The first weekend in September will see the Society for Church Archaeology’s conference on ‘Church and Industry’ at Canterbury Christ Church. The university’s representative is Andy Seaman, who will be leading the tour of St Martin’s church and the site of St Augustine’s Abbey on the Saturday early evening. This will follow a day of lectures at Old Sessions House, including Gabor Thomas’ (University of Reading) assessment of industrial production at Anglo-Saxon Lyminge. Anglo-Saxon monasteries in Somerset will feature in the lectures of both Nancy Holinrake (Cardiff University) and Hugh Willmott (University of Warwick). Nancy will be exploring industrial activity before the Conquest at Glastonbury and Carhampton, while Hugh will be examining glass production at Glastonbury and other monasteries.

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Looking over the wall

For those who arrive early on the Friday, a small group have the opportunity to visit the cathedral’s stonemasons’ yard under the guidance of Heather Newton, head of conservation at Canterbury Cathedral. As those who have read the blog in the past will know the cathedral stonemasons have been extremely busy over the last few months on the great south window, and they are now turning their attention to the nave. Other work after that will include Christ Church gate, that iconic early Tudor structure that marks the meeting place or boundary between cathedral and city.

Also on Friday there will be an open lecture to be given by Professor Martin Biddle, a well-known expert on cathedrals and cathedral cities, who was at one point the archaeologist at Canterbury Cathedral. Indeed, that is the topic of his keynote lecture ‘Canterbury Cathedral archaeologist: a retrospective’ and the conference organisers hope that this will attract non-conference members of the public as well as delegates.

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Hidden amongst the foliage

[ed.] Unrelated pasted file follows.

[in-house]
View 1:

Sunday will bring a day-long excursion to Lyminge, Dover and Folkestone, and the latter venue will allow participants to find out about the joint Canterbury Christ Church and Folkestone project to uncover the early history of St Eanswythe led by Lesley Hardy, a history lecturer at Canterbury. However, it is worth noting that early saints’ cults will also feature in Hilary Powell’s lecture at the ‘Early Medieval Kent’ conference on Saturday 10 September, such cults being the subject of her doctoral thesis and a topic she has expanded as part of her research on the Wellcome Trust-funded project ‘Hearing the Voice’. The number of delegates coming to the conference is now almost a hundred and it will be a great opportunity to showcase the value of Kent history for this crucial period of the county’s and country’s past.

In addition, it is also worthwhile to draw your attention to the archaeological work that has been undertaken on the university’s main Canterbury campus. As noted above, Andy Seaman will be leading delegates around the ruins of the abbey church and claustral buildings, but following numerous archaeological excavations and other work much is now known about the outer precincts of St Augustine’s Abbey. Latterly many of these excavations have been led by Alison Hicks, a long-standing senior member of Canterbury Archaeological Trust, and through the Trust she has recently published a study of this area of the abbey: Destined to Serve: Use of the Outer Grounds of St Augustine’s Abbey, Canterbury, Before, During and After the Time of the Monks. Canterbury Christ Church University Excavations 1983-2007 covering the period from before the monks arrived to the time after the abbey’s dissolution, although the key period is the monks’ occupation of the site. Where this could have fed into the ‘Church and Industry’ conference relates primarily to her assessment of the evidence concerning craft working. As she notes, the hundreds of Anglo-Saxon pits and other features, some containing ironworking debris, points strongly towards industrial-scale craft production on the site, and such goods are likely to have been made for the monastic community, and those beyond the precincts; the fruits of trade enhancing the monastic and broader economy.

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Reused medieval and early modern building materials

Thus for new students who will be arriving within the next month, their university is an extremely important historical site. Not only was it the home of one of the premier monastic communities of England and medieval Christendom more widely, but its outer precincts – the university’s campus – housed the cellarer’s range, the brewhouse-bakehouse complex, and also this important industrial site. Although much of the evidence for these activities comes from below ground archaeology, walking around the campus still offers tantalising glimpses of this ancient past, something that is also true of Canterbury and Kent more broadly.